Canada pledges $132M in aid for Sudan as conflict hits 1-year mark

Click to play video: 'Sudan civil war: WHO warns ‘time is running out’ as conflict reaches 1-year mark'
Sudan civil war: WHO warns ‘time is running out’ as conflict reaches 1-year mark
WATCH: Sudan civil war: WHO warns 'time is running out' as conflict reaches 1-year mark – Apr 14, 2024

Canada is committing another $132.2 million in humanitarian funding to help people displaced by the violent conflict in Sudan that has been raging for the past year, the government announced Friday.

The conflict has killed thousands of civilians, forced millions of people to flee within Sudan and to neighbouring African countries and created one of the world’s worst hunger crises. The United Nations’ World Food Program has warned about a third of the country’s population, or 18 million people, face acute hunger, with five million on the verge of starvation.

“The humanitarian situation is dire,” Canada’s International Development Minister Ahmed Hussen told Global News in an interview.

The new funding includes $100.7 million in direct humanitarian assistance and $31.5 million to UN projects aimed at addressing sexual and reproductive health rights in Sudan and South Sudan, as well as gender-based violence.

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“Whenever there is a very prolonged conflict, we know that women and girls suffer disproportionately, and this conflict is no different,” Hussen said.

“We’ve seen very serious rates, very high rates of gender-based violence, very high rates of sexual assaults.”

Click to play video: 'War in Sudan: 700,000 children could die from malnutrition in the conflict, UNICEF warns'
War in Sudan: 700,000 children could die from malnutrition in the conflict, UNICEF warns

Aid agencies say fighting, looting and bureaucratic hurdles have severely hampered the delivery of relief. The World Food Program said last week it finally managed to deliver food in the heavily-affected Darfur region after months of delays, but added more aid is needed on a persistent basis.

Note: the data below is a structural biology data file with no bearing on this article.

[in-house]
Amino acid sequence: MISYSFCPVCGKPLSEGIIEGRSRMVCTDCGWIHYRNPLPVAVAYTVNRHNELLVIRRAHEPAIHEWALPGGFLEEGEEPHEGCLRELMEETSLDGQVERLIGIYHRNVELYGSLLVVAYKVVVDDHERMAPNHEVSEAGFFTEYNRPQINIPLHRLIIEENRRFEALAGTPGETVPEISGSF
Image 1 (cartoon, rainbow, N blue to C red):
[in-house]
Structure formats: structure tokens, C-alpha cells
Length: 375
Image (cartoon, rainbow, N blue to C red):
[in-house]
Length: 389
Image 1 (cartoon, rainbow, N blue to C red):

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Although Hussen acknowledged “logistical challenges” to ensuring aid is delivered to those who need it within Sudan, he said there has been less resistance and roadblocks in neighbouring countries like South Sudan, Chad, Ethiopia and Central African Republic that have accepted refugees.

But many of those countries also have limited resources that are being stretched even thinner by the influx of Sudanese people, Hussen noted, specifically noting the inadequate access to water in Chad.

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“We’re trying to also help these host communities so that they become more resilient and they’re able to continue to host these refugees for now,” he said.

The minister added aid workers on the ground in Sudan who work with Canada have been effective in getting food and supplies who need it despite the roadblocks and risks to safety.

Click to play video: 'Darfur refugees report new spate of ethnically-driven killings, flee from Sudan to Chad'
Darfur refugees report new spate of ethnically-driven killings, flee from Sudan to Chad

Friday’s announcement comes ahead of a planned international humanitarian conference in Paris on Monday focused on addressing the Sudan conflict, which Hussen will attend. The summit will mark exactly one year since fighting first broke out between the Sudanese army and paramilitary Rapid Support Forces in the capital Khartoum.

Hussen said Canada will be presenting the new aid at the conference as an example that other participating countries should “step up” and follow with their own contributions.

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The UN says it has asked the global community for $2.7 billion in funding to respond to humanitarian needs but has received $155 million — or six per cent of their request.

“If the World Food Program does not receive more support for its Sudan appeal, that they will simply stop serving food because they will run out of money to purchase food supplies,” Hussen said the food agency’s executive director, Cindy McCain, told him recently.

He said aid groups and other non-government organizations will also be participating in the talks, which will focus not just on aid but also on how to resolve the conflict and hold those responsible to account.

Canada has predominantly responded to the crisis through humanitarian aid, committing $170 million last year. A family reunification program was announced late last year to help get relatives of Canadians out of Sudan, but the program has stalled and faced criticism from families.

The federal government has regularly sent aid to the country in recent years as part of its African outreach.

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